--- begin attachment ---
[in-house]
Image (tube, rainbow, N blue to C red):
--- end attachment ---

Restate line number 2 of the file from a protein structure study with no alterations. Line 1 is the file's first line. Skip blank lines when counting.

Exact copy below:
Image (tube, rainbow, N blue to C red):